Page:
LONDON (Reuters) - A gauge of confidence among British consumers jumped by the most in eight years in December, boosted by the launch of the country’s coronavirus vaccine programme, a survey showed on Friday.
The consumer confidence index from market research firm GfK rose to -26 from -33 in November.
A Reuters poll of economists had pointed to a much smaller improvement to -31.
“Consumers are looking for good news and they have found it in the form of the UK’s COVID-19 vaccination programme getting underway, which has lifted the mood pre-Christmas 2020,” Joe Staton, GfK’s client strategy director, said.
The last time the index jumped by more than seven points was between October and November 2012.
The increase took the index to its highest level since September, before a second wave of COVID-19 infections led to new restrictions on social gatherings and business.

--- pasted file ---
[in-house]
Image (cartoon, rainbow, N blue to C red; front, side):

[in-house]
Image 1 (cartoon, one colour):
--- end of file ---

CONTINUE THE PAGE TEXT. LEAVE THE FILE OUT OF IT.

Views among consumers about the outlook for the economy improved by 15 points, the biggest jump since 2011.
Household spending accounts for nearly two thirds of the British economy which is on course for its biggest contraction this year in more than three centuries.
The Bank of England said on Thursday that Britain’s economy was likely to shrink by just over 1% in the fourth quarter, less than its projection in November for a 2% contraction. But the latest coronavirus restrictions were tighter than it had thought, so a recovery in the first three months of 2021 may be weaker than expected.
GfK said a six-point improvement in a measure of consumers’ willingness to make major purchases was good news for retailers, many of whom have had to close their premises in the latest regional COVID-19 restrictions.
Reporting by William Schomberg, editing by Andy Bruce
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